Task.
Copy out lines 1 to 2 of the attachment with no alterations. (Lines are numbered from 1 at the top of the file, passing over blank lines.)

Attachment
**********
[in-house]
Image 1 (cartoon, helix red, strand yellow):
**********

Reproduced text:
[in-house]
Image 1 (cartoon, helix red, strand yellow):